Sunday May 12 at Trinity Lutheran Church is one of those Sundays that, as we like to say, has a lot of “moving parts.” This Sunday is Mother’s Day! It’s also the one Sunday of the year that we celebrate Jesus as our Good Shepherd. But this Sunday will be especially meaningful for at least eight people of our church family. In the 8 AM service, Jaden Arnold, Lillian Canter, Keilah Hernandez-Chacon, Dylan Huntt, Lauren Kansy and Elissa Shumaker will all, by the power of the Holy Spirit at work in them, say “yes” to the promises their parents made when they were baptized. In the 11 AM service, Rob Stokes and son Jackson will similarly respond to the work of the resurrected Lord Jesus in them as they are received into membership with Rob’s wife Kristina and daughter Sydney. If there’s a Sunday in the life of our congregation that it’s appropriate to discuss what it means to have our faith confirmed, then surely this is the day.
So when I first looked at the selected readings for today a while ago and saw the episode of St. Paul’s farewell speech at Miletus (you can read it by clicking here), my first thought was that making the connection between this passage and the Confirmation of several people of our congregation would be a challenge. But the more I read it and really thought about it, the more I celebrated this little speech of Paul. It’s his only speech in the entire book of Acts which is spoken exclusively to Christ-followers. And as Paul commends his listeners to “God and to the Word of His grace” (20:32), he does at least two other things that are helpful to hear for anyone poised to embark on a new chapter of his or her own faith journey: First, Paul warns his charges that it’s not a matter of if, but when they will face times of trial (30; cf. 23). There will be other voices (“fierce wolves”) who will try to drown out the voice of the Good Shepherd in their lives and the lives of others they may touch. But (and here’s the really good part), when that time of trial comes, the Word of God’s forgiveness in Christ will be able “to build [them] up and give [them] an inheritance among…the sanctified” (32). God’s Word is and will always be, quite literally, their lifeline. So as long as each of them remain planted where God’s life-giving Word is, he/she will be like “a tree planted by streams of water that yields its fruit in its season” (Psalm 1:3). That is God’s promise. Life that really matters isn’t ours for the taking; it is God’s to give, for our receiving.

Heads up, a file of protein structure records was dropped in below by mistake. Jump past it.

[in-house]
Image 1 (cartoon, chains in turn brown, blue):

So Confirmation is less about finishing than it is about beginning. Yes, the regular Catechism classes may be over, at least for now. But now is when our Confirmands’ lives of growth and being built up in God’s Word really start to get underway! Now we commend them to God’s nurturing in a world that (let’s face it) isn’t always so friendly to people of faith. The Good News is that our Good Shepherd…and the sheep that He leads (other forgiven sinners like us)…will always be close at hand to strengthen and encourage.
What an adventure it will be. Congratulations, all!